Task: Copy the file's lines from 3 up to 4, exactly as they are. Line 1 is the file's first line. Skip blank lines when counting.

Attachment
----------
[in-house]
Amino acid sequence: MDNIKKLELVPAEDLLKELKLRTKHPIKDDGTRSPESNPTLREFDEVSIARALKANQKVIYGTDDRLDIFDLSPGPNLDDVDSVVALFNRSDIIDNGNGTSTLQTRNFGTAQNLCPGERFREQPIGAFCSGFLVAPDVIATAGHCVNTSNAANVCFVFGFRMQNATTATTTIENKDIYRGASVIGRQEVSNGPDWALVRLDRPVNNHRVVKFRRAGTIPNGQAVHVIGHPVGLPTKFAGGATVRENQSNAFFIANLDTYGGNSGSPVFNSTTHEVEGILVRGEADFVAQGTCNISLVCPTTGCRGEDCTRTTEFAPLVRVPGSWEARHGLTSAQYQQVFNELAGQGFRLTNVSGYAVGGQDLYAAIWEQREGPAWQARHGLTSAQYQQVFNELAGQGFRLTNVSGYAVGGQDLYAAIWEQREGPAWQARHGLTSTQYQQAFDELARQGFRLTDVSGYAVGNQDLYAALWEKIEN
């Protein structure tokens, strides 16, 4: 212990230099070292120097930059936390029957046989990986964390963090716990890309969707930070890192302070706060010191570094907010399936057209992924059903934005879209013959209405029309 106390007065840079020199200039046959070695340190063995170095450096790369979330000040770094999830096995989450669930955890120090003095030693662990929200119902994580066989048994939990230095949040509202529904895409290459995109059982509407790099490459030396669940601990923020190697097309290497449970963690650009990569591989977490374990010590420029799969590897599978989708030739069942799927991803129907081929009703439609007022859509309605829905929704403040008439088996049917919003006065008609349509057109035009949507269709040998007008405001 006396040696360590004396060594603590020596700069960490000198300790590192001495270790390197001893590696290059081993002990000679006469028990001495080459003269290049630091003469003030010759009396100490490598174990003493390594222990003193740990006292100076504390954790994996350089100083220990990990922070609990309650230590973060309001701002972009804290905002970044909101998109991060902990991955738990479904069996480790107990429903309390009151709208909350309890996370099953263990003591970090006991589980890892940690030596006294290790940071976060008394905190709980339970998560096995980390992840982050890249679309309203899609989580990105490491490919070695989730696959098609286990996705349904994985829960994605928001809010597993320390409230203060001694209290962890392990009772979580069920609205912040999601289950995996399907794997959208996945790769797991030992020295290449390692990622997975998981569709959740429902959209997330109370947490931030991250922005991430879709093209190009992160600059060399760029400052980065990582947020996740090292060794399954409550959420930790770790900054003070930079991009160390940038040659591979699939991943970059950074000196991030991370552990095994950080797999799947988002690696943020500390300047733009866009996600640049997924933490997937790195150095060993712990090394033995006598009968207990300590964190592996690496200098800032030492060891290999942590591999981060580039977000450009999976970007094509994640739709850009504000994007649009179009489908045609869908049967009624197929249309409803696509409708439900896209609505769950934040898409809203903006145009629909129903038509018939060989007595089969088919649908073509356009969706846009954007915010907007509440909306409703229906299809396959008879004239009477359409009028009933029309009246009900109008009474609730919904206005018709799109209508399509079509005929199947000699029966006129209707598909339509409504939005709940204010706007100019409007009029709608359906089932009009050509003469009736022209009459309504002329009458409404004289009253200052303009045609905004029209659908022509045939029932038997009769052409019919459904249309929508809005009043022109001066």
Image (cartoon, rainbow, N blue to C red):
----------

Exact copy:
């Protein structure tokens, strides 16, 4: 212990230099070292120097930059936390029957046989990986964390963090716990890309969707930070890192302070706060010191570094907010399936057209992924059903934005879209013959209405029309 106390007065840079020199200039046959070695340190063995170095450096790369979330000040770094999830096995989450669930955890120090003095030693662990929200119902994580066989048994939990230095949040509202529904895409290459995109059982509407790099490459030396669940601990923020190697097309290497449970963690650009990569591989977490374990010590420029799969590897599978989708030739069942799927991803129907081929009703439609007022859509309605829905929704403040008439088996049917919003006065008609349509057109035009949507269709040998007008405001 006396040696360590004396060594603590020596700069960490000198300790590192001495270790390197001893590696290059081993002990000679006469028990001495080459003269290049630091003469003030010759009396100490490598174990003493390594222990003193740990006292100076504390954790994996350089100083220990990990922070609990309650230590973060309001701002972009804290905002970044909101998109991060902990991955738990479904069996480790107990429903309390009151709208909350309890996370099953263990003591970090006991589980890892940690030596006294290790940071976060008394905190709980339970998560096995980390992840982050890249679309309203899609989580990105490491490919070695989730696959098609286990996705349904994985829960994605928001809010597993320390409230203060001694209290962890392990009772979580069920609205912040999601289950995996399907794997959208996945790769797991030992020295290449390692990622997975998981569709959740429902959209997330109370947490931030991250922005991430879709093209190009992160600059060399760029400052980065990582947020996740090292060794399954409550959420930790770790900054003070930079991009160390940038040659591979699939991943970059950074000196991030991370552990095994950080797999799947988002690696943020500390300047733009866009996600640049997924933490997937790195150095060993712990090394033995006598009968207990300590964190592996690496200098800032030492060891290999942590591999981060580039977000450009999976970007094509994640739709850009504000994007649009179009489908045609869908049967009624197929249309409803696509409708439900896209609505769950934040898409809203903006145009629909129903038509018939060989007595089969088919649908073509356009969706846009954007915010907007509440909306409703229906299809396959008879004239009477359409009028009933029309009246009900109008009474609730919904206005018709799109209508399509079509005929199947000699029966006129209707598909339509409504939005709940204010706007100019409007009029709608359906089932009009050509003469009736022209009459309504002329009458409404004289009253200052303009045609905004029209659908022509045939029932038997009769052409019919459904249309929508809005009043022109001066």
Image (cartoon, rainbow, N blue to C red):